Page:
Background: A right ventricular assist device is a treatment option for patients with severe right ventricular failure after left ventricular assist device (LVAD) implantation. Recognition of risk factors for mortality after biventricular assist device (BiVAD) implantation is important for patient selection and optimal outcomes. Methods: We reviewed our experiences between 1991 and 2005 in 44 patients who were supported by both an LVAD and a right ventricular assist device. Results: Thirteen patients (30%) survived until heart transplantation, and 31 patients (70%) died while on support. The multivariate analysis shows that post-LVAD extracorporeal membrane oxygenation and worsening renal function are associated with the highest postoperative mortality. The univariate analysis also included previous thoracic surgery and ischemic cardiomyopathy as potential preoperative indicators for poor outcome after BiVAD implants. No differences were observed in the rates for the need of preoperative support with a ventilator, an intra-aortic balloon pump, or extracorporeal membrane oxygenation, or in the rates of postoperative complications between survivors and nonsurvivors. Conclusions: BiVAD implantation remains one of the challenges in treating severe heart failure. Previous cardiac surgery, elevated creatinine, and post-LVAD extracorporeal membrane oxygenation were risk factors for mortality after BiVAD implantation. Dialated Cardiomyopathy on the other hand was associated with a more favorable outcome.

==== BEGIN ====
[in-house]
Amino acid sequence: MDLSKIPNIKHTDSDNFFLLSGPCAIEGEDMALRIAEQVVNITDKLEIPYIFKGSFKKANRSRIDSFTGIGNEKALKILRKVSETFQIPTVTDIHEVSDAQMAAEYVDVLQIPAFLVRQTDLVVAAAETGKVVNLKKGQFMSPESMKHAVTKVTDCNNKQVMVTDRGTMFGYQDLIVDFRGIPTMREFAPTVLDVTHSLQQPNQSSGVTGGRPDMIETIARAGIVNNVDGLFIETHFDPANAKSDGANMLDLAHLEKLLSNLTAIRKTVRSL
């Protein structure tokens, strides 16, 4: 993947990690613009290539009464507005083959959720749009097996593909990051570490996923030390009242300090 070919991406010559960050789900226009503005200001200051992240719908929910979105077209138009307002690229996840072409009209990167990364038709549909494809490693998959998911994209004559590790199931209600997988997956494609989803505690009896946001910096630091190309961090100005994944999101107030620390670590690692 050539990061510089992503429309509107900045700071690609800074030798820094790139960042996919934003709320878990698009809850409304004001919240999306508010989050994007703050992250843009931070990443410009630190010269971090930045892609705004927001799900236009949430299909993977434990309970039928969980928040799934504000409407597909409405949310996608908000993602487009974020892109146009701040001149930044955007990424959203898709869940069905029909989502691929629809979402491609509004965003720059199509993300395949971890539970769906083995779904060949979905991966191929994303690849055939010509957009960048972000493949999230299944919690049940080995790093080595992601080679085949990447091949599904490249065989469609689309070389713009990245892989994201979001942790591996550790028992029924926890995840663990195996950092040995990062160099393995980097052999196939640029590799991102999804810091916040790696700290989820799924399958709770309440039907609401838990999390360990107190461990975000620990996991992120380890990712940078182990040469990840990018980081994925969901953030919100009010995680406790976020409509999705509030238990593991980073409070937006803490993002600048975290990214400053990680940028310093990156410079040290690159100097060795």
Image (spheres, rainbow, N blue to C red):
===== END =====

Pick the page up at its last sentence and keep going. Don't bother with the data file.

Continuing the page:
- Heart failure
- right ventricular failure
ASJC Scopus subject areas
- Cardiology and Cardiovascular Medicine